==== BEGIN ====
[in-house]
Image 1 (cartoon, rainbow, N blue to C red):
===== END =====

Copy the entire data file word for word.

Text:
[in-house]
Image 1 (cartoon, rainbow, N blue to C red):